Fourteen weeks into the Legacy initiative, Marvel publishes the 53rd and last of its promoted title launches with Charles Soule and Phil Noto’s Astonishing X-Men #7. This book had been one of our favorites when it was launched at the tail-end of RessurXion because of the smart writing, slick art, and excellent team dynamic, and now, wrapping up the glut of Legacy releases, it serves as a good reminder that the future of Marvel Comics may be far more reliant on the marginalized mutant branch of the superhero tree than the company realized, or would care to admit.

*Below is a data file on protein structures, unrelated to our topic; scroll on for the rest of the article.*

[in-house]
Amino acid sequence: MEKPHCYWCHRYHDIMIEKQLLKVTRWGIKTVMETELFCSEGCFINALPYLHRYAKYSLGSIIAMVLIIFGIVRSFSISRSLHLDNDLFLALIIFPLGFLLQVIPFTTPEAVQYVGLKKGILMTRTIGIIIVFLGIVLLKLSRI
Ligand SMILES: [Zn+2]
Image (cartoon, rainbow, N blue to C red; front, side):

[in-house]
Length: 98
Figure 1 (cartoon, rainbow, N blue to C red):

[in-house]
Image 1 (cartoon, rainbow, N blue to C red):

There are a precious few of us longing for the return of Reed, Sue, and the Fantastic Four proper (although Zdarsky and Cheung’s new Marvel Two-in-One is keeping us pretty happy). And there are more than a few of us rolling our eyes every time another top-tier character dies or is otherwise melodramatically shown the door (stay dead, Mar-Vell). But there is likely a very large number of casual post-Claremont fans who have either grown up with the X-Men cartoon, discovered the characters in Bryan Singer’s movies, or have a fond remembrance of X-books of the 90’s who don’t understand why there are so many damn mutant books on the stands, with not a one of them featuring a certain bald telepath.